"Trying to effectively use the Freedom of Information Act can be hell. Maybe a police department will demand a ridiculous and seemingly arbitrary fee to collect records, or perhaps an agency simply won't respond to requests. Judging by Motherboard's own requests as well as those from Freedom of Information organizations, one government body in particular stands out for turning FOIA requests into a nightmare: NASA. Trying to effectively use the Freedom of Information Act can be hell. Maybe a police department will demand a ridiculous and seemingly arbitrary fee to collect records, or perhaps an agency simply won't respond to requests. Judging by Motherboard's own requests as well as those from Freedom of Information organizations, one government body in particular stands out for turning FOIA requests into a nightmare: NASA."
- NASA FOIA Follies Continue, earlier post
- Why Does it Take 2 Years For GSFC To Respond to a FOIA Request?, earlier post
- Never Ask NASA a Simple Question, earlier post
- NASA Refuses To Accept Its Own News Media Accreditation (Update), earlier post
- In Search Of A CASIS Report Card, earlier post
"In 1977 the twin Voyager spacecraft left planet Earth bound for the outer reaches of our solar system - and beyond. What they discovered changed our way of thinking about how worlds are built and broadened our notions of where life might be found. The story of this audacious project is told in the captivating new documentary "The Farthest" which is airing on PBS this week. The film itself is weaved together rather artfully - not unlike the sounds and images that were placed on the now-famous "Golden Records" that each spacecraft carried. The story is narrated mostly by people who were there. Indeed its like listening to the crew of a ship of discovery recount the days of wonder that they experienced."Categories: Exploration, Space & Planetary Science
"The Trump administration has decided to disband the federal advisory panel for the National Climate Assessment, a group aimed at helping policymakers and private-sector officials incorporate the government's climate analysis into long-term planning. ... Administration officials are currently reviewing a scientific report that is key to the final document. Known as the Climate Science Special Report, it was produced by scientists from 13 different federal agencies and estimates that human activities were responsible for an increase in global temperatures of 1.1 to 1.3 degrees Fahrenheit from 1951 to 2010."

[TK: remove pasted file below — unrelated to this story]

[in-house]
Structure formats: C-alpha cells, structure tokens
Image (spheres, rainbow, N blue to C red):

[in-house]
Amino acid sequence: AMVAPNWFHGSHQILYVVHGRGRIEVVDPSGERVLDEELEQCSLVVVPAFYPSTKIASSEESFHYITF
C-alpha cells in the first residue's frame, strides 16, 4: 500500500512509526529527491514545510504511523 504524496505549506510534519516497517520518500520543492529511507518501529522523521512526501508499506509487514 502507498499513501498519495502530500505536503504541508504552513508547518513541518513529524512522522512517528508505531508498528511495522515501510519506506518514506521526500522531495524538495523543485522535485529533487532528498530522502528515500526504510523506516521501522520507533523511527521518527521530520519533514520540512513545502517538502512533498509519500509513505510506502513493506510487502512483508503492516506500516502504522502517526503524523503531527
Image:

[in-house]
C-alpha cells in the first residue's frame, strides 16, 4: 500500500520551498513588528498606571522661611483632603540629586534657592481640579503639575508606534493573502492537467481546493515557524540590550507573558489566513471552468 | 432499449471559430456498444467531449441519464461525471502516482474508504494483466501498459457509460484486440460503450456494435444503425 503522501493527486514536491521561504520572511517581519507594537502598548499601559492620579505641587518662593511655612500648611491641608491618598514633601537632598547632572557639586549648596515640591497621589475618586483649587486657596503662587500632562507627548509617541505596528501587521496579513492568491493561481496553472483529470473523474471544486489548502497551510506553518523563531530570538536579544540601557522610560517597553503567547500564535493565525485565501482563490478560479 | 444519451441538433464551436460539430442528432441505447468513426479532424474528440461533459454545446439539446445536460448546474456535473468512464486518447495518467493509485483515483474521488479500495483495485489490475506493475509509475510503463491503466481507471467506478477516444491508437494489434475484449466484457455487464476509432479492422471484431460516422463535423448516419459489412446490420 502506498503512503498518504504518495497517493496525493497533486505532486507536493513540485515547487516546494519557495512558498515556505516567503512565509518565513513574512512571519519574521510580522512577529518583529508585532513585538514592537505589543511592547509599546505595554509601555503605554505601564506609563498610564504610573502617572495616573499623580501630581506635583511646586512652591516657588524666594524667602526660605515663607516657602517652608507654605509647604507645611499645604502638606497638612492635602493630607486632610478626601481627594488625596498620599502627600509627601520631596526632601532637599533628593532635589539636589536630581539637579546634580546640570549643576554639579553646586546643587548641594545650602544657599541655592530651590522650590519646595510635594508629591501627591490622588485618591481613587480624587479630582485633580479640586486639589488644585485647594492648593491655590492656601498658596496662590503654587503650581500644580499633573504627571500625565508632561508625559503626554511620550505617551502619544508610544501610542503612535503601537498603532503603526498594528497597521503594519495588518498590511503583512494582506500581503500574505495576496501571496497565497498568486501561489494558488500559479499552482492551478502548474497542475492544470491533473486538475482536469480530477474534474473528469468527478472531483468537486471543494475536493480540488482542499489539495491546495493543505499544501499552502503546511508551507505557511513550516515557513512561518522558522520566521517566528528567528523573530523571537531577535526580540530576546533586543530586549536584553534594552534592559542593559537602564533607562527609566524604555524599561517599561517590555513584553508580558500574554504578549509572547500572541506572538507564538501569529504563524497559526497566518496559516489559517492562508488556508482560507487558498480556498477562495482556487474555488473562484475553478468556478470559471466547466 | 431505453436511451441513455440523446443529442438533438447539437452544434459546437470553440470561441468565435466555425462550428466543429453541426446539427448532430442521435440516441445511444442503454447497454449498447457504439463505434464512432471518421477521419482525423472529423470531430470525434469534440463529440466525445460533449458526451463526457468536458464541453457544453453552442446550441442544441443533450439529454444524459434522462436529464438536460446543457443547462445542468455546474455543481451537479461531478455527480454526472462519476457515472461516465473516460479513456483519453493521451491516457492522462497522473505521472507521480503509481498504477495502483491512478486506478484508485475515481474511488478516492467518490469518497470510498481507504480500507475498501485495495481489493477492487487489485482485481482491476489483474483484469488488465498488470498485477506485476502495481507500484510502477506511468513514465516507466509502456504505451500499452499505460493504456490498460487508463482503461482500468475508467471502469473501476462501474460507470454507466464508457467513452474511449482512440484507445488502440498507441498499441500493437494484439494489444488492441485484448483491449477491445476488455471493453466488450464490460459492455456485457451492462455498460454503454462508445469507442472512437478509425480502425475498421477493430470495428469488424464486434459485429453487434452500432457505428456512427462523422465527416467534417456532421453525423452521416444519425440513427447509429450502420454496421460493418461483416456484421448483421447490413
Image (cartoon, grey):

- Third draft of the Climate Science Special Report (NOAA and NASA are the lead authors).
- Will Saying "Climate Change" Be Banned At All Government Agencies Or Just Some Of Them?
SpaceX informed NASA of slowdown in its commercial Mars program, SpaceflightNow
"Confirming rumors and suspicions that SpaceX is adjusting its plans to begin dispatching robotic landers to Mars, NASA officials said the commercial space company has informed the agency that it has put its Red Dragon program on the back burner. Under the terms of a Space Act Agreement between NASA and SpaceX, the government agreed to provide navigation and communications services for the Red Dragon mission, which originally aimed to deliver an unpiloted lander to Mars in 2018. SpaceX confirmed earlier this year the launch of the experimental lander on a Falcon Heavy rocket had slipped to 2020."
- SpaceX Will Go To Mars Starting in 2018, earlier post
- NASA's SpaceX Mars Mission Briefing That NASA Is Not Telling You About, earlier post
"Thursday, University of North Texas regents are expected to select a longtime NASA leader to help launch the system into a new era of research and exploration. Lesa Roe will be announced as the sole finalist for the position of chancellor. Roe, who is currently acting as NASA's second in command, will replace longtime leader Lee Jackson, who is retiring after 15 years."